Not all unwanted programs are what they appear to be. (You knew that, but in this case a major threat poses as a minor nuisance.)
StripedFly reclassified from petty larceny to APT.
In espionage, it can pay to be underestimated. That appears to be the case with the StripedFly cryptominer, which has turned out not to be what it seemed.
StripedFly is an espionage operation masquerading as a cryptominer.
Kim Zetter reports, in her Zero Day newsletter, that the StripedFly cryptominer has turned out to be more malign than hitherto believed. When Kaspersky discovered it in 2017, they wrote it off as a simple piece of criminal malware, designed for cryptomining. They also wrote it off as uninteresting and unsuccessful, yielding its proprietors nothing more than chump change. All they got from mining Monero alt-coin came to just ten bucks in 2017, and only $500 in 2018. Not enough to interest even a spoiled script kiddie.
Apparently, however, StripedFly was actually interested in collecting information, not cryptocurrency. Kaspersky "discovered the miner was actually a cover for a sophisticated spy platform that has infected more than one million victims around the world since 2017."
StripedFly seems, rather, to be a carefully designed espionage toolset that masked itself as an uninteresting, stumblebum criminal operation. Zetter explains: "The spy components include ones for harvesting credentials from infected machines; for siphoning .PDFs, videos, databases and other valuable files; grabbing screenshots; and recording conversations through an infected system’s microphone. The platform also has an updating function that lets the attackers push out new versions of it whenever Windows and Linux operating systems get updated. The malware gets pushed out from encrypted archives stored on GitLab, GitHub, and Bitbucket."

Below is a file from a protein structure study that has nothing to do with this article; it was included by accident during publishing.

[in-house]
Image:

No attribution, but the malware in use has a provenance in espionage.
StripedFly gains initial access to its targets through a variant of EternalBlue, an exploit attributed to an actor Kaspersky tracks as the Equation Group. Kaspersky studiously avoids attribution to nation-state services, but the Equation Group is widely believed to be associated with the US National Security Agency. EternalBlue was blown by the ShadowBrokers in April of 2017, a month after Microsoft patched the vulnerability the malware was designed to support. Since then other services, notably China's Ministry of State Security, have used variants of EternalBlue, but it's not at all clear who's responsible for StripedFly. It does seem clear, however, that it's an espionage operation, and not a low-grade criminal caper.
It's commonplace for a malicious actor to pose as something benign. It's more unusual for an espionage service to pose as a petty criminal.
StripedFly has enjoyed a surprisingly long run.
According to Colin Little, Security Engineer at Centripetal, "It's rare that a malware framework is so long-lived and has such wide proliferation. Threat intelligence can absolutely play a role in things like detecting or preventing TOR-based C2 and cryptocurrency mining, along with identifying systems sourcing this network traffic. The technical analysis of the malware empowers the enterprise to monitor for other network and endpoint-based indicators of compromise, such as use of Powershell."